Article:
It is an article of faith in national politics that the reform of the federal tax code is what’s standing between us and faster growth, higher productivity, better jobs, and whatever other good outcome you want to ascribe to this endeavor.

Well, riffing off of a) my own observations from decades in the trenches of this argument and b) this speech by President Obama’s chief economist Jason Furman, I disagree. Sure, there’s a lot of brush in the tax code that ought to be cleared out, some of which I’ll discuss in a moment. But these days, “tax reform” mostly means selling big, regressive tax cuts that will breed magic ponies by the herd. Instead of getting bogged down in an argument that has and will continue to lead nowhere, we’d be much better off to consider tweaks that fall far short of large-scale reform but could help—and have helped—in important ways.

The big tax reform ideas you hear about today come from the candidates for president, as they’re not bound by political constraints, or, in some cases, arithmetic. The Republicans typically want to cut trillions in taxes, largely benefiting the wealthy, and make up the revenue losses by…well, they typically don’t say how. Or, if they do, it’s the magic of “dynamic scoring,” growth effects that offset the losses. Regarding these scores, Josh Barro of the New York Times provides a public service in pointing out that in the wrong hands, “You can get essentially any answer you want out of a dynamic tax model by changing the assumptions about economic behavior that you plug into it. If you turn the dials far enough, you’ll get a report that shows a tax cut will pay for itself, even if it won’t.”

You want to know what tax cuts for the wealthy really do? They raise their after-tax income and lower government receipts, just as you always suspected. You think I’ve got a thumb on this scale? Fine, here’s non-partisan tax expert Bill Gale et al: “At the federal level, there is virtually no evidence that broad-based tax cuts have had a positive effect on growth…That has been amply demonstrated at the national level, where tax cuts have eroded revenue without discernable effect on economic activity.” Here’s national tax expert Joel Slemrod: “There is no evidence that links aggregate economic performance to capital gains tax rates.” Here’s the non-partisan Tax Policy Center: there’s “no statistically significant correlation between capital gains rates and real growth in gross domestic product (GDP) during the last 50 years.”

Big tax reforms from the left, like that of candidate Bernie Sanders, at least do better on the math, but assume a level of taxes and spending that go well beyond—by my reckoning, about 10 percentage points of GDP beyond—the U.S. historical model. To be fair, the man’s talking about a “political revolution,” so it’s no surprise that he’s outside the box.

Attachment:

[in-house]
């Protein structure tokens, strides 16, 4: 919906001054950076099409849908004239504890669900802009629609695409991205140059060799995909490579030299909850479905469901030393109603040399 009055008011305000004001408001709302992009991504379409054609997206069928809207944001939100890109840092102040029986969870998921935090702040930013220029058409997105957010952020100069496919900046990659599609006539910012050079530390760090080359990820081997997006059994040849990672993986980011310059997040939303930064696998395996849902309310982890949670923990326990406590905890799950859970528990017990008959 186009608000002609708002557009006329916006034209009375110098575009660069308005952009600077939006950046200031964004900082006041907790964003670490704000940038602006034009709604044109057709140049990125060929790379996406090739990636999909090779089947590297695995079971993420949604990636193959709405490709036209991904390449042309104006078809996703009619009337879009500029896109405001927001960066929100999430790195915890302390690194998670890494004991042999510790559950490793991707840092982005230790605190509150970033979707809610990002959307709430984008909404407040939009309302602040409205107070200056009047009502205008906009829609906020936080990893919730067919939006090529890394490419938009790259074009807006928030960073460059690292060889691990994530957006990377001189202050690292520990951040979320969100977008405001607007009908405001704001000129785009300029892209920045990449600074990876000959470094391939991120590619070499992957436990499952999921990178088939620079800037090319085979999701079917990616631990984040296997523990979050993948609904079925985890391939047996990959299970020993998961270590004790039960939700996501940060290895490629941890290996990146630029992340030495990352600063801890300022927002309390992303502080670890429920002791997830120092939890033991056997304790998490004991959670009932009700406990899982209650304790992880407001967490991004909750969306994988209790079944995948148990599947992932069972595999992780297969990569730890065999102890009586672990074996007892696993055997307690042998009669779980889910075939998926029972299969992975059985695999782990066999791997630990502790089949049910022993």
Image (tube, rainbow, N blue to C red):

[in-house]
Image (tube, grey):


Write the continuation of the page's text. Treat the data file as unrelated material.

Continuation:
Back inside the box, I learned an important lesson about Congress and tax reform when former Republican head tax-writer Dave Camp introduced a serious, comprehensive tax reform bill. The three-year effort was killed in about a New-York minute after it was introduced, and not by Democrats but by fellow Republicans. It didn’t cut rates enough for them. It introduced a tax on banks, causing their lobbyists to threaten the cancellation of GOP fundraisers.

In other words, what passes for a tax reform debate in this town is not serious.

But that doesn’t mean all is lost. To the contrary, Furman’s resonant message, at least as I read (and paraphrase) it, is: there’s a lot we’ve done and can do through the tax code that isn’t “fundamental reform” yet boosts both economic efficiency and the living standards of middle-class and low-income families.

There’s been no major tax reform since 1986, but Jason writes (my bold, and the acronyms refer to tax credits for low-income, working families):

The changes in the Federal tax code since 1986, including the substantial increases to the EITC and CTC…boosted the after-tax income of households in the first two quintiles of the income distribution by about seven percent without even counting any benefits from the additional labor force participation and earnings generated by the expansion of these tax credits. These gains are an order of magnitude larger than the estimated gains from fundamental tax reform, which are generally measured in the tenths of a percent.

So, let’s stop being distracted by the “fundamental reform fairy” and start pursuing incremental reforms:

— Close the carried interest loophole that privileges the earnings of investment fund managers. In a town where every tax break has a defender, that one stands alone. (Sen. Chuck Schumer used to support it on behalf of his constituents, but he’s backed off; even Trump’s against it!) Can we please put it out of its misery?

— Block corporate tax inversions, where U.S. companies merge with overseas companies just to move their tax mailbox to a low tax country.

— End the “step-up basis” provision by which the wealthy can pass capital gains on to their heirs tax free.

— Stop incentivizing multinationals to keep, or at least book, their profits overseas by letting companies repatriate their foreign earnings after paying a minimum tax (the Obama administration suggests a 19 percent minimum rate).

— Increase the EITC for childless adults, who now get very little from it, an idea supported by both Obama and House Speaker Paul Ryan (R).

Above, I called these “tweaks” as opposed to major reforms. Though the contrast is apt, it’s the wrong word, as any such changes are hugely heavy lifts. But heavy lifts are at least in the realm of the possible. And that’s the right realm to be in if we actually want to improve our tax code.